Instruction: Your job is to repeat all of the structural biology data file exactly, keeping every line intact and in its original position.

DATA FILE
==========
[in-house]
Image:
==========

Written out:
[in-house]
Image: